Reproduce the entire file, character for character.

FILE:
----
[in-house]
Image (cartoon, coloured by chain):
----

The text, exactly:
[in-house]
Image (cartoon, coloured by chain):